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Angel Olsen: Burn Your Fire For No Witness

Angel Olsen is living proof that it needn’t take much to make a big impression. On her debut full-length Half Way Home, she entranced listeners with a collection of fragile, mostly acoustic folk ballads, sung as though to herself at night on the front porch of her childhood home in St. Louis; only occasionally did she raise her voice above a near-whisper, and it was these quiet, controlled explosions – her dry, cracked croon suddenly catching fire and curling up into the sky like smoke – that saw smitten critics likening her curious mix of calculated cool and quirky charm to artists as seemingly diverse as Connie Francis and Joanna Newsom. Such moments are more common on Olsen’s sophomore album Burn Your Fire For No Witness, but familiarity does nothing to lessen the impact. Compared with its sparse, spectral predecessor, this is a testy she-wolf of a record, Olsen baring her fangs between strained smiles on grunge-coated rocker “Forgiven/ Forgotten” and imagining herself as some kind of elemental goddess “singing the stars back into the universe’ (“Stars”), her new band – Stewart Bronaugh on bass and drummer Josh Jaeger – and producer John Congleton the perfect creative foils, adding depth and texture without drawing attention away from the real star of the show. And what a star Olsen proves to be: on “Hi Five” she’s the cool girl at the barn dance, shimmying to countrified glam pop with a beer in her hand, oblivious to the drooling cowboys sniffing at her heels whilst “High & Wild” finds her later that same evening, emboldened by booze, taking the stage and winning over the ladies too with an impassioned turn that bounces from Emmylou to Sandy Denny to Polly Jean and back again. In this kind of company, the small handful of songs that revisit Long Way Home‘s hushed, intimate sound – “Enemy”, “Dance Slow Decades”, Cohen-esque dirge “White Fire” – are almost startling in their skeletal simplicity, Olsen apparently exerting less effort than it takes to speak in order to create music of almost overwhelming intensity, and it’s this balance of rockers and ballads that makes Burn Your Fire so powerful, and Olsen such a rarity: an album that will break your heart and warm your soul, and an artist that makes both seem as easy as breathing.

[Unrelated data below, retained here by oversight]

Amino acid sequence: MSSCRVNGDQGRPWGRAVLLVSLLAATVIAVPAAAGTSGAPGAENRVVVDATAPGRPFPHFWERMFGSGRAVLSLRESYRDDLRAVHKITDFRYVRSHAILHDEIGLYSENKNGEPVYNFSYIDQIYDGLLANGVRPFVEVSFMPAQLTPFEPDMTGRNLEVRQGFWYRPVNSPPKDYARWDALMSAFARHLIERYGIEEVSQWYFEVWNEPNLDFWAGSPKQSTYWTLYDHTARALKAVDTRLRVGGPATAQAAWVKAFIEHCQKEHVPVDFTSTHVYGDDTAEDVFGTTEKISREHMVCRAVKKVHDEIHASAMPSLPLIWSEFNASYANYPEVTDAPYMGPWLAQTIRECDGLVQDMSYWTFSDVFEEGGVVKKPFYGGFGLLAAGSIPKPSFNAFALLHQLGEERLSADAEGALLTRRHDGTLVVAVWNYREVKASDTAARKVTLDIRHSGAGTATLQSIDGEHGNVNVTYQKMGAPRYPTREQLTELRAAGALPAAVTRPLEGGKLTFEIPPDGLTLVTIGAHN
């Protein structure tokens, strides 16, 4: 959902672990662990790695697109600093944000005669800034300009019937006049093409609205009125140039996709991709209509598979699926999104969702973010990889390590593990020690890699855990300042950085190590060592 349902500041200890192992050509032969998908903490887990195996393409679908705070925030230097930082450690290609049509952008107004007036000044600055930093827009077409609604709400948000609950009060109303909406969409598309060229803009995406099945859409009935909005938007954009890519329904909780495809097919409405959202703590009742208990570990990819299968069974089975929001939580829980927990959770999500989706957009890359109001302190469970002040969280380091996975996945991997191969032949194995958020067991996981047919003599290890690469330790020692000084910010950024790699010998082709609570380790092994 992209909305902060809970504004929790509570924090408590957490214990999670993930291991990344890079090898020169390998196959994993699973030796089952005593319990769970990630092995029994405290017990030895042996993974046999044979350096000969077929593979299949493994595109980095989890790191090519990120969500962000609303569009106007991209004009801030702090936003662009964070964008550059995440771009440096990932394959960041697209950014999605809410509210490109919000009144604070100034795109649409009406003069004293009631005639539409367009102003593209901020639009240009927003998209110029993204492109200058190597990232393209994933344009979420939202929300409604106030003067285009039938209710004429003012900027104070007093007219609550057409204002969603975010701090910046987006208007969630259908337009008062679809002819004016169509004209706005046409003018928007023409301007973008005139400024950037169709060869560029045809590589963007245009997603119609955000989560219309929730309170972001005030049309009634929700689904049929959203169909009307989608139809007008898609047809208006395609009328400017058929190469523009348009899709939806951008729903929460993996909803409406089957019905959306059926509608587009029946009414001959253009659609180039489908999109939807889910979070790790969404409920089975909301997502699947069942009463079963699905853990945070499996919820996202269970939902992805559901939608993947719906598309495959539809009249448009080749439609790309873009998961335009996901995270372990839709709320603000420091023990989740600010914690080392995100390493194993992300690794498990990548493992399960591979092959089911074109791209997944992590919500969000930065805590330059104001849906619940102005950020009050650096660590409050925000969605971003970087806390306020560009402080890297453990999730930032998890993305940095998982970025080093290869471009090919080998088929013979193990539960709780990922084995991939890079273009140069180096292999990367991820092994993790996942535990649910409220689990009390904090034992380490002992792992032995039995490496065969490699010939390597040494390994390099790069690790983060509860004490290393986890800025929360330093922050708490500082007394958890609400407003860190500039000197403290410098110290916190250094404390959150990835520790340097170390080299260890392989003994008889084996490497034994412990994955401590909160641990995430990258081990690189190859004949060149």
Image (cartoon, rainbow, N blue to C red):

Burn Your Fire For No Witness is out February 18 on Jagjaguwar; check out the video for “Hi Five” below, and stream the album in full via NPR.


About foamhands

My name is Michael Dix; I'm a decade or so past being down with the kids, but to me new music never gets old. Apparently I like music that sounds like faulty kitchen appliances and ritual slaughter; really I just like what I like, whether that happens to be indie, pop, punk, hip hop, metal, electronica, Afrobeat or jazz. Follow me on Twitter @FoamHandsBlog to receive notifications of new posts and the occasional random brain-fart, and please share links wherever you can. Enjoy!

One response to “Angel Olsen: Burn Your Fire For No Witness

  1. Pingback: #NewMusicTuesday – February 18th | Music Streetlight

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